While it is generally accepted that entrepreneurship brings about positive change, some researchers differ and construe this to be a common misconception. They conclude that entrepreneurship might, in actual fact, be counterintuitive. Shane (2003) expresses this sentiment by affirming that rationalising entrepreneurial ventures as the key to transforming depressed economies, generating innovation and solving all socio-economic shortfalls is a dangerous myth that has plagued numerous policymakers. Encouraging more people to become entrepreneurs will not enhance economic growth or create jobs. This implies that start-ups in general are not the foundation of economic vitality or job creation.

Additionally, entrepreneurship could inadvertently result in job losses in the medium term through what is termed ‘creative destruction’, as entrepreneurs aim to increase their productivity. Walker (2012) realised how, apart from creating wealth and innovation, entrepreneurship could also create uncertainty and competition. Carree and Thurik (2003) suggest that the difficulties encountered in trying to define entrepreneurship complicate the measurement of its effect on the economy, while the gains of entrepreneurship are highly dependent on the business environment’s receptiveness to innovation and are not necessarily assured (Kritikos, 2014).

Entrepreneurial intention

The entrepreneurship process is an intentional one (Sasu & Sasu, 2015). This means that it is highly dependent on the intention of the individual concerned and, as aforementioned, intention is considered the first step in entrepreneurship. Thus, entrepreneurship could be measured in two ways: actual entrepreneurship and entrepreneurial intention (Pihie & Sani, 2009). Intentions reflect the current attitude an individual holds towards performing certain behaviour (Kuehn, 2008). Millman, Li, Matlay and Wong (2010) noted that entrepreneurial intentions, among other factors, are one of the major themes in entrepreneurship literature. Moreover, as pointed out by Kanonuhwa and Chimucheka (2016), it is rather impossible to determine with surety the number of students who will actually venture into entrepreneurship in the future because of the uncertain nature of what lies ahead; hence the need to study intentions.

As actions are consequential to intentions, it is only natural to examine the factors that guide their enhancement (Kuehn, 2008). Fatoki (2010) suggests directing our focus onto the factors that influence graduates’ intentions to start businesses. This illuminates the notion that intentions are pivotal in understanding behaviour. However, despite intention being a consistent predictor of actual behaviour, resulting actual behaviour may deviate from intended behaviour (Kuehn, 2008) and so intention should only be used as a predictive measure.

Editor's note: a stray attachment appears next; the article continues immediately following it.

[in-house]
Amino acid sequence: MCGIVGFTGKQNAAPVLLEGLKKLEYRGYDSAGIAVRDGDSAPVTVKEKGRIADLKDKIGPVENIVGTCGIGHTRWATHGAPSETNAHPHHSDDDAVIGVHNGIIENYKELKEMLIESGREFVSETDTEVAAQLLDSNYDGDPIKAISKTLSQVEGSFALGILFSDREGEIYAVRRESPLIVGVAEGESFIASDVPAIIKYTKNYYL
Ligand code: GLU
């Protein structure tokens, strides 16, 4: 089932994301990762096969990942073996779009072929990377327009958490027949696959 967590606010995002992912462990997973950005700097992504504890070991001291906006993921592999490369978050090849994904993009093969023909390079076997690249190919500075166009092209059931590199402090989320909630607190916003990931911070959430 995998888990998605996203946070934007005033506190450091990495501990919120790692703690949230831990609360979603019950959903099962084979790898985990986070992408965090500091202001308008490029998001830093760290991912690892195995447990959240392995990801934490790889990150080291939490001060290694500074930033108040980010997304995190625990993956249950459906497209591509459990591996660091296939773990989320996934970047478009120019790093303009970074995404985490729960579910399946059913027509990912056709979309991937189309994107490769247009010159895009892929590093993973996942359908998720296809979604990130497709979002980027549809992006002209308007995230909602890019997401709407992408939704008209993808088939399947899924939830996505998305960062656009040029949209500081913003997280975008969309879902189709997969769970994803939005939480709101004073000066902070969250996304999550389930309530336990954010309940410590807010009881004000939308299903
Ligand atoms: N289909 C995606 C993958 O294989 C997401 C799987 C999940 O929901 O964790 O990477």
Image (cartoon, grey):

Emotional intelligence

Emotional intelligence came into prominence against a backdrop of dissatisfaction with conventional theories of intelligence. It was popularised in the 1990s by Salovey and Mayer (1990), who introduced the concept by defining it as the ability to recognise, evaluate and express emotion, while generating feelings that influence how one thinks. From this definition, it is evident that emotional intelligence combines various constructs that measure different traits and abilities as opposed to being an individual variable (Jensen, Kohn, Rilea, Hannon & Howells, 2007). This intelligence explores our ability to calibrate and adjust our thinking so that cognitive tasks make appropriate use of emotional information (Boren, 2010; Hee & Euna, 2016). This means that emotional intelligence provides innovative ways to understand and evaluate human behaviour (Orziemgbe, Chukwujioke & Aondoaver, 2014).

Scholars and practitioners alike have shown interest in emotional intelligence and its implications for fundamental, basic life outcomes (Extremera & Rey, 2016). It has been identified as an important component of social cognition, being measurable across a fairly diverse set of tasks (Mao et al., 2016). According to Zeidner et al. (2009), emotional intelligence represents a strip of uncharted psychological terrain, and its exploration will add much to our comprehension of individual differences pertaining to emotion. However, Stenhouse et al. (2016) take an opposing stance by remarking that it is, in fact, vastly theoretically conceptualised and empirically tested in psychology, and they attribute this as the reason behind the availability of numerous valid and reliable measurement instruments, which mitigate the problems of poorly defined variables. Walter, Humphrey and Cole (2012) pointed out that there is little consensus on the true meaning of emotional intelligence, resulting from the complexity of the construct and no generalised view on its applicability or its existence. Moreover, emotional intelligence has been criticised to measure nothing more than just intelligence and personality (Amelang & Steinmayr, 2006).

The Multifacet Emotional Intelligence Scale, developed by Mayer and Salovey (1997), and the Mayer-Salovey-Caruso Emotional Intelligence Test, developed by Mayer, Caruso and Salovey (1999), have gained prominence in performance-based measures, used in various studies. Self-report measures are primarily assessed by the Self-Reported Emotional Intelligence Scale by Schutte et al. (1998), the Wong and Law Emotional Intelligence Scale (WLEIS) developed by Wong and Law (2002), the Situational Test of Emotional management (MacCann & Roberts, 2008) and the Bar-On Emotional Quotient Inventory (Webb et al., 2013). The choice of measurement test depends on a wide array of factors, but mostly on the definition of emotional intelligence as either a trait or an ability.